Double vs. Float, Which is Better?

Neither C++ Coding Standards nor Effective C++ addresses the question of which float point type is best to use and in what situations.

There are three floating point types in C and C++:

  1. float
  2. double
  3. long double

What the Standard Has to Say

There are exactly two guarantees provided by the standard:

  1. precision(float) <= precision(double) <= precision(long double). We are guaranteed that float has no more precision than double and double has no more precision than long double. It is possible for all three to be the same data type in a given implementation.
  2. The default floating point type is double, that is, typeid(3.3) is double.
  3. f suffix
    If you want a float constant, you must specify this with the f suffix: 3.3f.
    L suffix
    Similarly, a long double constant must be specified with the L suffix: 3.3L.

Guidance Provided by Stroustrup

In all of my C++ resources, the only guidance I can find is in the C++ Programming Language by Bjarne Stroustrup (the creator of C++).

"The exact meaning of single-, double-, and extended-precision is implementation-defined. Choosing the right precision for a problem where the choice matters requires significant understanding of floating-point computation. If you don't have that understanding, get advice, take the time to learn, or use double and hope for the best." [emphasis added]

Standard Library Implementation

Where there is only one version of a standard library floating point operation, the library defaults to working with double. This includes the functions atof and strtod. In C89 the only data type supported by all math.h functions was double.


On modern hardware double outperforms float in every case. In the higher optimization levels long double even outperforms float.

The test code was compiled with the command line

g++ floatdouble.cpp -std=c++0x -O3 -march=native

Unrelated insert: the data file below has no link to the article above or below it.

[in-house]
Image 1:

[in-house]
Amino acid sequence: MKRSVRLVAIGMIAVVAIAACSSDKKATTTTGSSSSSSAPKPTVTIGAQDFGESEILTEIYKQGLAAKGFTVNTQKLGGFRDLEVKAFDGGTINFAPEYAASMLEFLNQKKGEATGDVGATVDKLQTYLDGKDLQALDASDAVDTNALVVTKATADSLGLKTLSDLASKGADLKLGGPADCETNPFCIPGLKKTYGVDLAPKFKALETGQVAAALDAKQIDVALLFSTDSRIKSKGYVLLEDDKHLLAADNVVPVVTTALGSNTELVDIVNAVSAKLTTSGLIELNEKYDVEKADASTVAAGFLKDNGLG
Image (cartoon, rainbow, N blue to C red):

Type name: f Size in bytes: 4 Summation time in s: 2.82 summed value: 6.71089e+07 // float
Type name: d Size in bytes: 8 Summation time in s: 2.78585 summed value: 6.6e+09 // double
Type name: e Size in bytes: 16 Summation time in s: 2.76812 summed value: 6.6e+09 // long double

The test code was:

#include <chrono>
#include <vector>
#include <iostream>
#include <typeinfo>

template<typename T>
T sum(int num_times, T value)
  T val=0;

  std::chrono::high_resolution_clock::time_point t1 = std::chrono::high_resolution_clock::now();
  for (int i = 0; i < num_times; ++i)
    val += value;
  std::chrono::high_resolution_clock::duration d = std::chrono::high_resolution_clock::now() - t1;

  std::cout << "Type name: " << typeid(T).name() << " Size in bytes: " << sizeof(T) << " Summation time in s: " << std::chrono::duration_cast<std::chrono::duration<double>>(d).count();

  return val;

int main()
  std::cout << " summed value: " << sum<float>(2000000000, 3.3) << std::endl;
  std::cout << " summed value: " << sum<double>(2000000000, 3.3) << std::endl;
  std::cout << " summed value: " << sum<long double>(2000000000, 3.3) << std::endl;
  std::cout << " summed value: " << sum<unsigned char>(2000000000, 3.3) << std::endl;
  std::cout << " summed value: " << sum<short>(2000000000, 3.3) << std::endl;
  std::cout << " summed value: " << sum<long>(2000000000, 3.3) << std::endl;
  std::cout << " summed value: " << sum<long long>(2000000000, 3.3) << std::endl;


double should be your preferred floating point type in nearly every situation.

  1. It's faster.
  2. It's the default in C and C++.
  3. It's more portable and the default across all C and C++ library functions.
  4. It's significantly higher precision. The answer above is outright wrong (off by 2 orders of magnitude) for float. My simple 3.3 summation example quickly loses precision. In a smaller case, summing the value 3.3 2000 times results in: 6599.89 when using float instead of the correct answer of 6600.
  5. Stroustrup recommends it.

There is exactly one case where you should use float instead of double

  1. It's smaller. On 64bit hardware with a modern gcc, double is 8 bytes and float is 4 bytes.

Similarly, there is exactly one time you would need to use long double.

  1. It's very high precision. You might have an application that needs the absolutely most correct floating point precision you can get today.

Finally, and perhaps most importantly: 64bit floating point has been the standard supported in Intel compatible CPU's supporting the SSE2 instruction set since 2001. On most platforms double uses this same 64 SSE2 (IEEE64 bit) type.


For more details about floating point representation in computers, see the article "What Every Computer Scientist Should Know About Floating-Point Arithmetic."